1. Navigate to Spokeo2. Search your name in the box3. Copy the URL when you get your result4. Look for the Privacy link in very small type at the bottom of the page. Click.5. Complete the form by pasting the URL in the field “To remove a listing from Spokeo…”6. Enter a dummy email (create one for this purpose with Yahoo, Gmail or one of those temp email services). You don’t want the Spokeo creeps getting a hold of you, that’s for sure.7. Click “Remove Listing”8. When you get the email in your dummy account, click on the link “To complete the removal process…”9. Go into your browser preferences and search your cookies for “spokeo.” Delete them.
Then, lean back and rest comfortably until the next on-line privacy hullabaloo. Go ahead, thank me.
Nary a week goes by that the Web isn’t buzzing with some new violation of privacy inflicted upon users of some social hangout. Just yesterday, I was helping a friend delve deep into the Facebook privacy settings to turn off all Places sharing options and to say it was a complicated process would be an understatement. I am of several minds about these privacy concerns, and they mostly range from “you can’t trust the big guys to keep individual interests at the forefront of the user experience” and “where there’s money, there’s deception” to “the sites are free, what do you expect?” and “can’t you simply use some common sense in what you are posting?”
When all is said and done, it certainly wouldn’t hurt to haunt locales that place a greater emphasis on privacy. Like defaulting privacy settings to fully private unless and until voluntarily opened up by the user.
One such site I found this morning, via Jason Kincaid at Techcrunch, is oddly named The Fridge. With a familiar interface bearing similarity to Facebook, but offering the ability to limit your sharing to specific groups of friends, The Fridge seems a nice balance between sharing and keeping.
How does The Fridge accomplish this? Not with hidden, obfuscated, and perhaps deliberately arcane setting controls buried several layers of button-clicks deep. Instead, The Fridge limits sharing by organizing social circles by groups. In other words, users form private groups, invite like-minded friends to join and then encourage group members to share content and view content created by others within the group. Sounds ideal for an event, a club, or a common purpose.
Form the group by supplying your email, providing a group name and sending a special private link to potential group members. And that’s it. As creator, you can disable that private link or remove members from the group. Otherwise, simply plant your group seed and watch it grow outside the scope of the wider social circle you may belong to on other sites. And even outside the scope of other groups on The Fridge site – all groups are kept completely independent of other groups.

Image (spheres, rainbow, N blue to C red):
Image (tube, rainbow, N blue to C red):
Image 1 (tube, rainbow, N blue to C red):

There are member profiles, news feeds and the ability to post text or media. It is most similar to Yahoo Groups and Ning, both sites that allow you to create a version of your own social net. While it may not be for everyone, The Fridge sounds like a great option for segregating a particular networking activity within a more private and protected setting. At the very least, you could head to The Fridge for a midnight snack.
Public Service Announcement: Facebook has finally responded to the loads of privacy-related backlash leveled against it over the past few weeks after rolling out its new “instant personalization” andll athe privacy “tweaks” that came with it. If you spend time on the giant social network, it behooves you to at least read the changes, attempt to understand where your information is going and consider addressing your settings.
There is a great post over at All Facebook (link here) that breaks down the newest Facebook changes (announced yesterday). The short list is that you can now opt out of applications, hide your friends list and interests (I really didn’t NEED everyone to know how much I love Cadbury Mini Eggs), hide information from the past (about TIME!), and use a one-click privacy setting button if you would rather not go through the numerous manual settings heretofore necessary to ensure the same level of privacy across your data categories. There is now a single directory settings page. This is also great – you previously needed to go to several different locations to control who can see your information via Google or Facebook search.
Much of your information is still public by default and instant personalization (the broadcasting of your public information to participating websites) is still opt-out.
You may not be seeing these changes yet – Facebook will be rolling them out over the next few weeks. But consider hitting the jump above to read the details on the changes. It just makes good web-sense to take control of your own information and actively monitor how it is used by others.
Do you want to see what people you know and love and trust are liking across the Web? Check out LikeButton.me. This site collects the “likes” of friends across the web in a one-page dashboard of sorts. Quickly view what your friends think.
Before you privacy nuts go crazy, remember that the information sent by Facebook across the web is the same information that shows on your default Facebook public profile, which has was already publicly available prior to the changes. If you are uncertain of whether you want to share, then hit up your privacy settings in your Facebook profile under Account, and make sure you check the privacy settings on your Applications too.And remember as well, that “internet” and “privacy” are oxymoronic terms!